Background to the report

Local authorities are accountable to their communities for how they spend their money and for ensuring that this spending represents value for money. Local politicians and officers operate within local governance frameworks of checks and balances to ensure that decision-making is lawful, informed by objective advice, transparent and consultative.

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Good governance means that proper arrangements are in place to ensure that an authority’s intended objectives are achieved. Key elements of the statutory framework ensure that authorities remain financially sustainable.

Authorities have faced significant challenges since 2010-11 as funding has reduced while demand for key services has grown. Not only are the risks from poor governance greater in the current context as the stakes are higher, but the process of governance itself is more challenging and complex. Governance arrangements have to be effective in a riskier, more time-pressured and less well-resourced context.

Content and scope of the report

Our report examines whether local governance arrangements provide local taxpayers and Parliament with assurance that local authority spending achieves value for money and that authorities are financially sustainable. The report addresses this question in three separate parts:

  • Part One examines the pressures on the local governance system;
  • Part Two explores the extent to which local governance arrangements function as intended; and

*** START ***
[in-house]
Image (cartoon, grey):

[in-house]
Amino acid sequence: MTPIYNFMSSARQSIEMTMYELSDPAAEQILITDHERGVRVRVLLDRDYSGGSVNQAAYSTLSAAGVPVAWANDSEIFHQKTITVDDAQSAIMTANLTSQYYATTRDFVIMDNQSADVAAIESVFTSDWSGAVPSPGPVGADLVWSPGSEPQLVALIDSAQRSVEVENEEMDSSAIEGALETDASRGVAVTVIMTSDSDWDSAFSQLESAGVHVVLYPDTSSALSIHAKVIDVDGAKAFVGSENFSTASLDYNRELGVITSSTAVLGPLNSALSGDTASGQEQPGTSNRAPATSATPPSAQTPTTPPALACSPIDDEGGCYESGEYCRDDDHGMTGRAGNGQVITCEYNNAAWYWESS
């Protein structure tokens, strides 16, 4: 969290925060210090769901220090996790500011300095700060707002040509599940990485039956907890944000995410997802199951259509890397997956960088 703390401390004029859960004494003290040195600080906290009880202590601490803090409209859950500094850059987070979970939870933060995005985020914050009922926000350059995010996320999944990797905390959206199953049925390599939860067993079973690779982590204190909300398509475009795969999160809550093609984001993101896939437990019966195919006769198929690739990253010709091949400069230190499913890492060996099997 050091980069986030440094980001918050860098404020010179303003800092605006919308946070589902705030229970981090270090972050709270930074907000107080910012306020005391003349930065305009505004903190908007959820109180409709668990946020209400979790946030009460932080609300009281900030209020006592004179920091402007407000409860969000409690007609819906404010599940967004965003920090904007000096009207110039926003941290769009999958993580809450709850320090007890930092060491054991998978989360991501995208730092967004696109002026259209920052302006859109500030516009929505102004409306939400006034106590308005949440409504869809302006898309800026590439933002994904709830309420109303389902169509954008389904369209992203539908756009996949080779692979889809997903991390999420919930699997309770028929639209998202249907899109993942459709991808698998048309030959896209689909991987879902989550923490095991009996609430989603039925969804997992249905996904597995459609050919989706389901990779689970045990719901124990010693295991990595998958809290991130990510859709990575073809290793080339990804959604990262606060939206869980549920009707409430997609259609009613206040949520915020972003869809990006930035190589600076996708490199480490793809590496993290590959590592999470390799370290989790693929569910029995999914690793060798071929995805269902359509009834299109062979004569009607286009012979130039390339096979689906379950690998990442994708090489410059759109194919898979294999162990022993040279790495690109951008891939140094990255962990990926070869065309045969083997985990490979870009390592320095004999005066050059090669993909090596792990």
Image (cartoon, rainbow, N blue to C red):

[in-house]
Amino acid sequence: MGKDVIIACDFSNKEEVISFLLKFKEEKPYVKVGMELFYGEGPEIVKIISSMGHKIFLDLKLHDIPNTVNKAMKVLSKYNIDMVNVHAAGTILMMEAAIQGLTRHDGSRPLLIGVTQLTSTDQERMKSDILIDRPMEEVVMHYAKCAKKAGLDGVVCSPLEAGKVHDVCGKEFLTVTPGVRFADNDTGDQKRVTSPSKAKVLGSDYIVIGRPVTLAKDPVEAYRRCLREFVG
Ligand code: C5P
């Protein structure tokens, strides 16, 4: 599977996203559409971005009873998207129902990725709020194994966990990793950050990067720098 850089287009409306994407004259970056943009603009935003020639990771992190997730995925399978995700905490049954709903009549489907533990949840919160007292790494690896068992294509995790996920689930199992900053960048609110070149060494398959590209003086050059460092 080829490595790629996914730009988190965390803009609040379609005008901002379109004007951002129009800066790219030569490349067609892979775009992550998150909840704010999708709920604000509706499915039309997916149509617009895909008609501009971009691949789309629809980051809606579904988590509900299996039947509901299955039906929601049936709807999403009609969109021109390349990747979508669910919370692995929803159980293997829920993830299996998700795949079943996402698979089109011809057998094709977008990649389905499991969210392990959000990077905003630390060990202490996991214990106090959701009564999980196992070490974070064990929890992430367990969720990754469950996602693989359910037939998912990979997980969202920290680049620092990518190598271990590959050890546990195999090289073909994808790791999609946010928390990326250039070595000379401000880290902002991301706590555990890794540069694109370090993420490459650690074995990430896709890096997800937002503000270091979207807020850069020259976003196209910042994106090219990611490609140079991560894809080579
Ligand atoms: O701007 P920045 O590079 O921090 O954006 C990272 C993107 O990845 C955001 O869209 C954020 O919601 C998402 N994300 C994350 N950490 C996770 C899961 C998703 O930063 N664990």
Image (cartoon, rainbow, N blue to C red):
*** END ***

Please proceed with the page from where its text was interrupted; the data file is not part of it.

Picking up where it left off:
• Part Three assesses whether the Department is fulfilling its responsibilities as steward of the system.

Report conclusions

Local government has faced considerable funding and demand challenges since 2010-11. This raises questions as to whether the local government governance system remains effective. As demonstrated by Northamptonshire County Council, poor governance can make the difference between coping and not coping with financial and service pressures. The Department places great weight on local arrangements in relation to value for money and financial sustainability, with limited engagement expected from government. For this to be effective, the Department needs to know that the governance arrangements that support local decision-making function as intended. In order to mitigate the growing risks to value for money in the sector the Department needs to improve its system-wide oversight, be more transparent in its engagement with the sector, and adopt a stronger leadership role across the governance network.

“Poor governance can make the difference between local authorities coping and not coping. Given the significant challenges these bodies face, the government needs to take the lead in addressing weaknesses in the local governance system to ensure that local arrangements function as intended and support local decision-making.”

Amyas Morse, the head of the NAO


Publication details

Press release

View press release (15 Jan 2019)

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